The villages in the ghat regions of Tamil Nadu are full of rich tradition and unexplored beauty. Lakshmi Sharath describes the† simplicity of life here, that thrives on the isolation the region has been afforded.
This is neither a sightseeing trip nor an exotic expedition. This is a journey that takes me down to my roots, to my native village, after more than two decades. Learning to let go of all the shackles of urban life, travelling without an agenda, with no tourist traps and maps, I see life pass by from a small verandah of the house, which in local architectural terms is referred to as thinnai.
It is early morning and there is a nip in the air. The milkman announces his arrival with a jingle of bells. It has rained the previous night and the village looks fresh. There are no cars or buses or even autos in the streets. A cyclist passes by every 15 minutes and a lone moped drives past at the cyclist’s speed. There is no hurry. Life passes by in slow motion.
I am in a village called Kallidaikurichi located in Tirunelveli, deep down in southern Tamil Nadu. The Western Ghats encircle the village. The ripples of the Tambiraparani river is music to the ears, and every evening, I find myself walking towards it as the villagers carry on their ablutions by the riverside. I sit by the shade of the trees in the evening and watch the sky change colours. The mountains bordering the lush paddy fields seem so close. I can count more than 50 shades of green.
I cross the river and drive around the neighbouring town of Ambasamudram and see it getting ready for the local festival. There are shrines everywhere, but I am drawn to the temple of the guardians, Vandimarichamman. There lie two deities with a local priest adorning them with flowers.
My journey takes me along to smaller hamlets where several communities live and die by the river, Tambiraparani, which provides their livelihood. In a nondescript hamlet called Pathamadai, there are three families who are weaving mats from a certain variety of kora grass that grows on the banks of the river.
“At one time,” says Sulaiman, “there were several families in the entire village weaving these mats, but now it’s just me and my relatives.” Sulaiman’s mats were once sought after all over the world and were part of every wedding. It was presented to the bride, etched with the names of the couple. Even today, generations of women keep their Pathamadai paai, or mat, as a treasure in their homes.
In another shop, I see several photographs stacked away along with boxes and bags besides mats. One of them shows Queen Elizabeth of England giving a citation to an old man, Sulaiman’s uncle, who has recently passed away. Their art would have been lost but for the river that has been nourishing it slowly. I buy a few mats and boxes from him and carry on to another village, where another community continues to thrive due to the Tambiraparani.
The potters of Karaikurichi, referred to as the man pannai society, say that the clay for their pottery comes from the riverbanks. I am inside a huge warehouse filled with pots of various sizes and shapes where a family is at work. The father is busy as his four-year-old son waits for him to finish every pot and gently holds it in both hands and leaves it by a corner. We chat for a while, as the man dips his hand in clay. I can see the glimmer of hope, fear and pride in the four-year-old’s eyes as he delicately balances the huge pot in his tender hands and walks with it towards his mother. I potter around the village for a while before heading back.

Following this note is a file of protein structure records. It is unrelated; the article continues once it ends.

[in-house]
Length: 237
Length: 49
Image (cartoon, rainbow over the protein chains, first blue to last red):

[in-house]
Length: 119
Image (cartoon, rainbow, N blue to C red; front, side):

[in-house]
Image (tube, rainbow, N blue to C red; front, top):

With mountains, forests, rivers, and waterfalls located right in the backyard of my village, I realise that I am actually in a tourist destination, which is lost to the world at large. Tambiraparani is joined by smaller rivers like Manimuthar, which plunge into a waterfalls. There are dams like Papanasam, Kodaiyar and Manimuthar that offer a scenic view. Not all of them are open to the public, however, as they are hidden in the dense habitat of the Kalakadu Mundanthurai Tiger Reserve. We head to Ambasamudram to get the necessary permits from the forest department.
My journey takes me through the hot biodiversity reserve with endemic flora and fauna. It is home to several rivers, rivulets and reservoirs. The trees cast long shadows, wrapping us in a green world. Then, in a little clearing, I see it. With the mountains of the Western Ghats bordering it, the Manimuthar river, which has its source in the hills, flows here and cascades down as a waterfall. A herd of spotted deer cross our path, monkeys glare at us, and a crested serpent eagle poses for us. We drive uphill and cross the tea plantations at Manjolai until the Upper Kodaiyar Dam interrupts us.
We continue until we see open grasslands with a small tower in a corner. We climb up the steps and wait for the mist to clear. This is Kudrevatti, one of Tamil Nadu’s best kept secrets, which would give any hill station a run for its tourist tag. As the entire canopy of forests spreads itself, we see in the middle of the green cover a sea of blue. While Manimuthar Dam is clearly visible, Karayar Dam seems to be in a veil of clouds. The mist appears again as I return to my village. Sitting on the thinnai, I realise that the entire region is wrapped in a world of its own, untapped and unexplored. Sometimes, I think it’s better that way.